Upon entering 514 Broadway for the first time, the curators knew
the house contained a great story, many stories in fact. Clues lay
around them. In order to sort out the stories, they had to sort
out the objects in the house. Because Dr. Louis Cella, Jr. was offering
the museum items from the remains of the dress shop his mother and
aunt had run in the house for decades, the curators concentrated
their efforts there.
First, they made a complete inventory of everything found in the
shop. Because an inventory enumerates and describes everything being
looked at, it might contain entries as different as:
- 20 sewing needles
- Cherry & Webb Co. brochure, 1925 Fall/Winter
- 10 round bone buttons, _" in diameter
There were thousands of items in the shop rooms, including many
business records as well as garments, textile pieces, notions and
trims [e.g., buttons and ribbons], perfume bottles, linens, and
accessories, such as handbags. It took the curators a year to inventory
the entire contents of the shop. The paper materials alone came
to total 18 cubic feet, including business correspondence, client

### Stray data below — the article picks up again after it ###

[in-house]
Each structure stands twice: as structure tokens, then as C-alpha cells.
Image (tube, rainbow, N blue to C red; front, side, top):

letters, employee pay books, client books and bills, suppliers
bills and receipts, programs from couture showings, promotional
materials from vendors, photographs, household bills, and personal
After the curators removed the donated items to the museum, they
used their inventory lists as a starting point to create catalogue
records. These computer databases contained fuller descriptions
than the abbreviated notations on the inventories.
For example, a piece of fabric that might have been described on
the inventory as "Length of silk in Chiné style, 102" x 40","
would have the following basic description in the data base: "Length
of silk, white ground printed in Chiné style with floral
pattern in orange, yellow, green, blue, violet, and brown." The
database record would also record information about the technique
of the weave; the vendor; the country from which the fabric was
imported; its catalogue number and location in the museums
collection; and any miscellaneous information that might be associated
with this piece of fabric. The record would also contain photographs
of the fabric and of any descriptive shop tags that might have been
attached to it.
Databases were also created for client, employee, and vendor records.
After the paper, or archival, records were filed and stored, an
archivist created an index and finding aid to help the curators
locate a particular record quickly and easily.
All of this cataloguing work was necessary so that the curators
could begin to see the big picture.
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